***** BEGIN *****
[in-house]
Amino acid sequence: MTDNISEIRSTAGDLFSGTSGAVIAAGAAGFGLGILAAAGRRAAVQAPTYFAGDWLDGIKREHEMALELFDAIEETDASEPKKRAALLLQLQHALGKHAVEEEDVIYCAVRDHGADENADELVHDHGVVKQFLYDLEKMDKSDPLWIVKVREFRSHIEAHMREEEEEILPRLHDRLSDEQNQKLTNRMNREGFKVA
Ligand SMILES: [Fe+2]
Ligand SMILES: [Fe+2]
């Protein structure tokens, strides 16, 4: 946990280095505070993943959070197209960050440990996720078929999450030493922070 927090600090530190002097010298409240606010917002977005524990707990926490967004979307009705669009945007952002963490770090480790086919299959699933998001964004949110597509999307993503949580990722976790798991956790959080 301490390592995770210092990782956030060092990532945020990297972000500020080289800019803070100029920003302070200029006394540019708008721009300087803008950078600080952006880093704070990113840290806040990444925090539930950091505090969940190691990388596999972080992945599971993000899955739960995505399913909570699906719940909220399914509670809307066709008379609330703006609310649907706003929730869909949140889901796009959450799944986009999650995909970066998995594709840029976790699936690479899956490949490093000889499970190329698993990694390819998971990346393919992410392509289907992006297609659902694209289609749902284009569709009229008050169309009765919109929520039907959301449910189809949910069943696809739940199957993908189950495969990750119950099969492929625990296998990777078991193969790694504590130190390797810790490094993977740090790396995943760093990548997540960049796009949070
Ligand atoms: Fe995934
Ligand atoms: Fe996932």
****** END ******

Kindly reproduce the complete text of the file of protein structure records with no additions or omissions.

[in-house]
Amino acid sequence: MTDNISEIRSTAGDLFSGTSGAVIAAGAAGFGLGILAAAGRRAAVQAPTYFAGDWLDGIKREHEMALELFDAIEETDASEPKKRAALLLQLQHALGKHAVEEEDVIYCAVRDHGADENADELVHDHGVVKQFLYDLEKMDKSDPLWIVKVREFRSHIEAHMREEEEEILPRLHDRLSDEQNQKLTNRMNREGFKVA
Ligand SMILES: [Fe+2]
Ligand SMILES: [Fe+2]
């Protein structure tokens, strides 16, 4: 946990280095505070993943959070197209960050440990996720078929999450030493922070 927090600090530190002097010298409240606010917002977005524990707990926490967004979307009705669009945007952002963490770090480790086919299959699933998001964004949110597509999307993503949580990722976790798991956790959080 301490390592995770210092990782956030060092990532945020990297972000500020080289800019803070100029920003302070200029006394540019708008721009300087803008950078600080952006880093704070990113840290806040990444925090539930950091505090969940190691990388596999972080992945599971993000899955739960995505399913909570699906719940909220399914509670809307066709008379609330703006609310649907706003929730869909949140889901796009959450799944986009999650995909970066998995594709840029976790699936690479899956490949490093000889499970190329698993990694390819998971990346393919992410392509289907992006297609659902694209289609749902284009569709009229008050169309009765919109929520039907959301449910189809949910069943696809739940199957993908189950495969990750119950099969492929625990296998990777078991193969790694504590130190390797810790490094993977740090790396995943760093990548997540960049796009949070
Ligand atoms: Fe995934
Ligand atoms: Fe996932």